In August, Jenelle Manzi, a New York City Ballet ballerina, put on her pointe shoes and began training again after an 18-month break because of the pandemic. The return to Lincoln Center was “incredible” but “wild and complicated,” says Manzi, who has been with the company since she was 16 years old. She’s also been running Get Golden, her snack company inspired by her wellness journey as a professional dancer. Her sweet but chewy Savor bars are gluten-free, dairy-free, and vegan, but still “tasty,” she promises. “I created it out of a need for a feel-good boost of energy to get me through a day of rehearsing and performing.” Below, Manzi breaks down the practices that keep her dance-ready.
On her definition of wellness: When I was 18, I had a tendon tear. I had two extra bones in the back of my heel — one in three people have them. They got irritated and broke off, and I needed surgery to remove them and repair my tendon. This cycle took two years, and it was the most humbling and grounding experience of my life. My identity as a ballerina, that I have known for so long, was completely stripped from me — I literally had to learn how to walk again in a pool. So to me, wellness is the optimization of my whole self — mentally, physically, and emotionally — to be in this career, yes, but also the optimization to be my most healthy and my best self outside of my job.
On the first thing she does in the morning: Because we had 18 months off, I was eating dinner at a normal time, around 7:30 p.m. Now, we finish shows around 9:30 p.m., so I don’t end up eating dinner until 10:30 p.m. That is not good for my digestion, but if you don’t eat after the show, you don’t repair your muscles, and I start to feel really weak and brittle. Drinking warm water with lemon really helps with my stomach in the mornings.
On how she eats: When I came out on the other side of my injury, I had developed all these food sensitivities and allergies. I couldn’t even eat avocados and bananas because my whole system was so inflamed and angry, so I started seeing Dana James. She’s my nutritionist, and together, we figured out the foods that I am able to eat and those that I can’t.
I want to eat to feel good, but it’s not even an option to not eat well either, because my body is my instrument. I’ve tried to find a balance in that because I don’t ever want to eat something that tastes disgusting or bad, but you do have to have a different mind-set when you have a job that’s so demanding of your body. So I started making snacks and bringing them to my friends and the ballerinas. I became known as the girl that always brings in healthy baked goods (like apple cinnamon buckwheat donuts with lucuma caramel). They’re refined-sugar-free, dairy-free, and gluten-free because those are my triggers. That’s how Get Golden started, even before I decided I wanted to start my own business.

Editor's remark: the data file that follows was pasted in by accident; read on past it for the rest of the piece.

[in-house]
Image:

On skin care: We wear full theatrical makeup for performances because we’re performing in a very large theater under hot lights. We start with a grease concealer under our eyes and then a liquid foundation that’s waterproof (it’s by the brand Mehron), and your pores cannot breathe at all. We add powder on top of that — because of the pandemic and because we’re wearing a face mask at all times unless we’re on the stage, I typically use M.A.C’s Studio Fix (I’m shade N4) so everything stays in place. Then I do a full contour, blush, eyeliner, and false lashes.
That’s all to say that I do a lot of cleansing at night — some people double-cleanse, but I triple-cleanse. Right after the show, my lashes come off; I go to the sink and massage my face and eyes with grape-seed or coconut oil. I follow it up with a mild cleanser like Cerave. When I get home, my skin still does not feel clean, so I cleanse again with a mix of Golde’s Clean Greens Face Mask and Biologique Recherche Lait VIP O2 Oxygenating Milk Cleanser. Then it’s the Augustinus Bader the Exfoliating Toner/the Essence or the Eve Lom Time Retreat Radiance Essence. Next up is my Environ Vita-Peptide C-Quence Serum 2 — it keeps my skin bouncy and beautiful. I follow it up with the Honey Girl Sensitive Skin Crème or the Augustinus Bader Cream — I have noticed it really calms down my skin if it’s inflamed, but I use it sparingly because it’s expensive. If my skin is feeling super sensitive from the stage makeup, I do a light layer of the Biologique Recherche Crème Masque Vernix. And lastly, I rely on spot treatments like Starface and Hyland’s Smile’s Prid Homeopathic Drawing Salve.
In the morning, I use a lot of the same products, but I mainly add in SkinCeuticals C E Ferulic. It’s one of the products that I purchase the most. It smells like bacon, but we forgive it because it makes the skin tight and glow. And for sunscreen, Glossier’s Invisible Shield is my favorite.
On taking care of her feet: This season, I gave up. Normally, I really like a gel pedicure because it stays on, and I feel like it makes my nails harder, which helps. But my feet … are not pretty right now. You learn what works, what doesn’t, and what signs your body gives you. I do these “miracle baths.” It’s wintergreen rubbing alcohol, baking soda, and Epsom salts, and you can either do a foot bath or a full bath. I don’t know why it works, but it’s so refreshing. I’ll do that and then elevate my feet on the wall.
On lymphatic drainage: It takes a village to do this job, and there are people in my life that I consider my healing angels. Natalie Vincent, I see her once a week for an hour, an hour and a half, for lymphatic drainage, which I’ve found really beneficial for the swelling in my legs. When I was younger, my grandma told me that I might have to do lymphatic drainage one day, and I didn’t believe her, but she’s dealt with lymphedema her whole life — and she was right.